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- McMurdo Ice Shelf, Antarctica
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Ice shelf drainage
Large areas of McMurdo Ice Shelf are subject to melting at the surface, whilst continuing to accrete ice from marine waters at the base. During our visit (mid-November to mid-December) melting was limited, but later in the season substantial melting and extensive stream development occurs. An additional feature of the melting process is the exceptional development of cryoconite holes, the bottoms of which carry active ecosystems dominated by bacteria. This set of photos mainly shows well developed, but frozen, streams courses and a variety of other meltwater features, both on the ground and from the air.
Approaching the edge of the ice shelf near Minna Bluff, the gradient gently falls away, allowing meltwater to cut deep channels into the marine ice. This backlit photo shows a frozen channel looking north towards the middle of the ice shelf.
In a similar position, but a channel with multiple freezing layers. Quite often there is a space below the lid, and it is here that water begins to flow, rather than at the surface.
Aerial photograph of stream channels in a relatively dirty part of the ice shelf between Black Island (background) and Brown Peninsula.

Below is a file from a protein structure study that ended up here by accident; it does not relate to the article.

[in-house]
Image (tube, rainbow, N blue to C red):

Another aerial view showing how closely spaced and incised some of these channels are. In high-summer, they have often been described as being impassable.
Marine ice with well-spaced cryoconite holes, looking towards Mt Discovery. The holes have frozen lids and a hollow space beneath.
When cryoconite holes resume activity in early summer, some begin to coalesce. The surface of the ice shelf then becomes extremely rough, making travel, whether on foot or in a vehicle, slow and arduous.
The bright blue ice of a frozen meltwater stream contrasts strongly with the surrounding slightly greyish marine ice. Black Island in the distance.
An elongate lake of blue ice, surrounded by marine ice, viewed from a pinnacle on an intra-ice shelf moraine. Black Island in the background.
Pond formed in an abandoned melt channel, close to Minna Bluff. Note the marine ice layering dipping gently into the middle of the ice shelf, i.e. to the left.
An area of meltwater-eroded ice shelf, adjacent to an intra-ice shelf moraine extending from Minna Bluff. Within this area are extensive frozen ponds comprising candle ice.
Aerial view in ponds on the debris-covered part of the ice shelf between Black Island and Brown Peninsula.
The overhanging rim of the margin of a pond in an area of extensive debris cover, close to Minna Bluff.
Completely frozen pond of blue candle ice, with a prominent blister formed as ice fractures on expansion in a confined space. Mt Discovery in the background.
The saline marine ice begins to melt when the temperature rises above -10°C. When it does so, as here, it is has a somewhat sticky feel, and flows in an almost viscous manner.
|Photos Michael Hambrey, November and December 2010.|